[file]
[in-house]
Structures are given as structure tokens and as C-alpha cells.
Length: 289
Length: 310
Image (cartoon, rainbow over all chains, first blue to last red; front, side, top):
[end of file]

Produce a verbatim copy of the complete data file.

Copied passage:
[in-house]
Structures are given as structure tokens and as C-alpha cells.
Length: 289
Length: 310
Image (cartoon, rainbow over all chains, first blue to last red; front, side, top):